Common Garage Door Problems

Common Garage Door Problems

Common Garage Door Problems

If you’re like most homeowners, you probably take your garage door for granted. As long as it goes up and down when you need it to, you don’t think much about it.

Then one day, you walk out to the garage to leave for work.

You hit the button on the garage door opener.

Nothing happens.

You press the button again.

Still nothing.

When your garage door doesn’t do what you want it to do, it’s easy to become frustrated. But garage door troubleshooting doesn’t have to be stressful. When you encounter problems with your garage door, it’s often one of six common automatic garage door problems. And, in many cases, there’s a simple solution. Knowing what you’re looking at can put your mind at ease and help you find a professional garage door repair company to quickly fix the problem.

Most Common Garage Door Problems

Although each door is different, there are definitely some common garage door problems that occur among homeowners everywhere. These garage door issues include:

1. Garage Door Won’t Close All the Way

Does your door go halfway down and then get stuck? Maybe your garage door only opens part way? In either case, a door that won’t go up and down as it should can be the first indication that a problem is present. Malfunctioning doors can indicate a problem with your door’s balance, the track itself, the garage door opener or even the springs attached to the door.

2. Broken or Old Springs

Broken Garage Door Repairs

Your door moves up and down thanks to something called the torsion spring. If the spring breaks, then your door can’t move. If you’re home when this occurs, you’ll know the spring broke because you’ll hear a loud sound that mimics the sound of a firecracker. If you weren’t home when the spring broke, you’d still be able to identify the problem because you’ll likely be able to see the spring hanging down.

In some cases, the springs may not break, but they may become stretched out over time. When this happens, you might notice that the door doesn’t stay open or goes up and down more slowly than it should.

3. Worn Rollers and/or Bearings

If you hear a popping or squeaking sound when your door moves, then there may be a problem with the door’s rollers. The popping sound indicates that the rollers may be worn out, while the squeaking is a sign that the rollers and bearings need to be lubricated.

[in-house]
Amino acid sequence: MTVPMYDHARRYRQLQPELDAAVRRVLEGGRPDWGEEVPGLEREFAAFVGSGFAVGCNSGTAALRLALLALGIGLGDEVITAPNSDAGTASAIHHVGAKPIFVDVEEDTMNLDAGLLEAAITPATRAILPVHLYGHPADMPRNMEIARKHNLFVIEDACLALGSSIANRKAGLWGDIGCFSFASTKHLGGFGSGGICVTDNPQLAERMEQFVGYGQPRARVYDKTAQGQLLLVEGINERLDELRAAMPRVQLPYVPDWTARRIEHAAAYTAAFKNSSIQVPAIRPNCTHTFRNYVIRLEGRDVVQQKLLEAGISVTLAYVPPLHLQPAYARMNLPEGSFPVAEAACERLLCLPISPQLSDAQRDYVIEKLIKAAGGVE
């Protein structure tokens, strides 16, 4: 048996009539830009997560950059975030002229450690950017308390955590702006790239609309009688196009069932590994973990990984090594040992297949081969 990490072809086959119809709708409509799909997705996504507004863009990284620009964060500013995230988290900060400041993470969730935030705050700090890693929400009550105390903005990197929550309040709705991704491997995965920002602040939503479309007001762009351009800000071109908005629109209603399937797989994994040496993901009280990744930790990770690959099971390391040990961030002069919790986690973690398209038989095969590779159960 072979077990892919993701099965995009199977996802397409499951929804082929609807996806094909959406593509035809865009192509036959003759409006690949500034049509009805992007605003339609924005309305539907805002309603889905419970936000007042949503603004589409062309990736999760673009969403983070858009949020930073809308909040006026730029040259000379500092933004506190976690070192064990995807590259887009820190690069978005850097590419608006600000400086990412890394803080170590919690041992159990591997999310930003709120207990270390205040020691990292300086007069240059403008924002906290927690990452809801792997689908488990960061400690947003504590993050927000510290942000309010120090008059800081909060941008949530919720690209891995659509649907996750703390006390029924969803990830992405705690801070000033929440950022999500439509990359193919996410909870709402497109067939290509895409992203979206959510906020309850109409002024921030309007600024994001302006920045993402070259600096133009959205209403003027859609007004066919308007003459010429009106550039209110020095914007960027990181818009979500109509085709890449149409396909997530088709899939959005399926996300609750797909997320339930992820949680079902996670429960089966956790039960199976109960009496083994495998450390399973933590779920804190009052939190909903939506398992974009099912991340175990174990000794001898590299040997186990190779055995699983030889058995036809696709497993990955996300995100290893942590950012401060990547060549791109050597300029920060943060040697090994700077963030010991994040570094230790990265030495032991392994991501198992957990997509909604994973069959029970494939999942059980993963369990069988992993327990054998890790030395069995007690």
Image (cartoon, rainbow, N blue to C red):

4. Obstructed Photo Eye Sensors

Photo eye sensors are installed as a safety feature to prevent your garage door from closing on top of objects or people standing in the door’s path. These sensors do a lot to protect your family and your vehicles, but if they malfunction or become blocked, they can prevent your door from closing properly.

5. Garage Door Opener Problems

Sometimes the problem may not be with your garage door. Rather, it’s with your garage door opener. There are several common garage door opener problems you may encounter. There could be a problem with the remote batteries or a problem with the opener’s transmitter. If your door won’t open at all, then it might be a sign that your garage door opener is to blame.

What’s Wrong With My Garage Door? FAQs and Answers

Garage doors can be rather predictable when it comes to their problems. Although we never recommend that you undertake major repairs on your garage door or opener, there are some simple solutions to common garage door issues that can help you troubleshoot the problem quickly.

1. Why Won’t My Garage Door Close?

Why Won't My Garage Door Close

One of the most common problems homeowners encounter with their garage doors is a door that’s stuck in the open position. The first thing to check when this happens is the photo eye sensors placed on either side of the garage door.

If your garage door won’t come down, take a soft, dry cloth and clean the photo sensor eye. You can also use a mild streak-free glass cleaner if it’s really dirty.

If you’ve cleaned the eyes, but the door still won’t budge, then inspect their alignment. When the sensors were initially installed, they should have been bolted into place. But if a bolt has come loose or something has knocked them out of alignment, they may not be in a position to work. If you can see that the alignment isn’t correct, gently try to bring the misaligned sensor back to its rightful place. Ideally, the two photo eye sensors should be aligned at the same angle and facing the same direction.

In some cases, if your garage door is not closing with the remote, then there may be an issue with the remote. More about that later!

2. Why Does My Garage Door Go Back Up?

The photo eye sensors we talked about in #1 can also make your garage door stop and go back up partway through closing. Why? The photo eye sensors are designed to sense objects and people in the path of the door and stop the door from closing on them. When they stop the door from continuing its downward path, they automatically send it back up. This is a valuable safety feature and also easy to correct.

If your door is only closing part of the way and then going back up, there may be something in the path of the door. In some cases, it may be obvious, such as a bike or other outdoor equipment. But, photo eye sensors are designed to be sensitive to all sorts of objects, which means that sometimes the offending object might not be so obvious. Depending on your sensors, they can also become obstructed by mud, leaves and other yard debris. Or, if there is dirt built up on the lenses, they may interpret the dirt as an object in the door’s path.

Clear all leaves, mud and other yard debris away from the threshold of your garage door. Clean the lenses as well.

If you’re sure that there’s nothing blocking your sensors, then inspect the door’s track. Sometimes, there can be buildup on the track that prevents the door from operating properly. You can clear buildup with a damp rag. It’s also a good idea to periodically wipe down your garage door’s track to prevent this issue from happening in the first place.